3. Decreased intake of milk and other fluids

If your baby has a sore throat or is teething, he may refuse to breastfeed. Even a stuffy nose can prevent him from taking fluids and this can lead to dehydration.

4. Excess body temperature

If your child wears a lot of layers or is in a crowded place, this can lead to fluid loss through sweating and thus dehydration.

How much fluid does a child need?

As a newborn, your baby will get all the fluids he needs through breast milk or formula feeding. By this time (when they are 6 months old), their activity level is very limited. Once they exceed this limit, you will enter the food in solid or semi-solid form and can be fed with a little water from the cup. Diluted juice (1 part juice to 10 parts water) can help with fluid intake. Sugary drinks, hot drinks, and any type of drinks that contain artificial sweeteners should be kept out of the reach of children until they are at least one year old.

Are there any tests to diagnose dehydration in children?

Diagnostic tests for dehydration can be divided into non-laboratory evaluations and lab tests:

  • Non-laboratory evaluations include testing urine output, breathing and heart rate, awareness, dry skin, and testing whether the eyes appear puffy.
  • Laboratory tests are usually done if dehydration is severe and include a complete blood count for CBC, urinalysis, stool culture for diarrhea, and a basic metabolic panel (BMP).


How do you treat your child with dehydration?

The primary purpose of diffuse dehydration should be to quickly replace low fluid levels in the body and return them to normal levels. The following steps must be taken:

  • Take your child to a cool place and give him as much plain water as he wants.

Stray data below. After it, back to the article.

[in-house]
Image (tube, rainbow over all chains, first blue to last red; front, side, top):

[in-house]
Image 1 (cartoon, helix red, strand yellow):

• If your child is recovering from mild or moderate dehydration due to diarrhea from gastroenteritis, the lost fluids should be replaced through rehydration therapy.
  • ORS – Oral Rehydration Solution is the ideal children’s rehydration drink to be given over 3 to 4 hours. It is the combination of salts and sugars that can help the baby to regenerate quickly.


How to prevent your child from dehydration?

Since prevention is the best treatment, you can take care that your child does not get sick (which can lead to dehydration) and is not exposed to conditions that are too hot. from here:

1. How do we prevent dehydration due to disease?

Children can lose large amounts of fluid quickly when they are sick because this can lead to vomiting and diarrhea. To keep these viruses away from your child, it is best to use a good hand lotion when handling the child and also when visiting friends and relatives. Do not miss any of your doctor’s appointments and follow your vaccination schedule exactly.


2. How do we prevent dehydration when it is hot outside?

During the summer, make sure your child is wearing appropriate, lightweight, airy clothing. Keep it out of the sun and never wrap it in a blanket or jacket while you sleep.

Dehydration is a common condition that affects newborns, and if treated properly by closely monitoring symptoms, you can prevent and even treat it.